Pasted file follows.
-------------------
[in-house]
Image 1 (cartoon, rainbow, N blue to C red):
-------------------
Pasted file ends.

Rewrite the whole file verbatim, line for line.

[in-house]
Image 1 (cartoon, rainbow, N blue to C red):